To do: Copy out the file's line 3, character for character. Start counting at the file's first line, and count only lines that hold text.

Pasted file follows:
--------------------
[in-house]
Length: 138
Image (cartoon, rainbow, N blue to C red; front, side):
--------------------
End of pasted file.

Image (cartoon, rainbow, N blue to C red; front, side):